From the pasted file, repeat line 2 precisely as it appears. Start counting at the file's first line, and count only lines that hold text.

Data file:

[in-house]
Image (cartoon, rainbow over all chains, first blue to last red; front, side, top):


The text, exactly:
Image (cartoon, rainbow over all chains, first blue to last red; front, side, top):